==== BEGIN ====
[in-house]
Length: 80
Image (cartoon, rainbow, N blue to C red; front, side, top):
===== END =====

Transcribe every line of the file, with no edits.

[in-house]
Length: 80
Image (cartoon, rainbow, N blue to C red; front, side, top):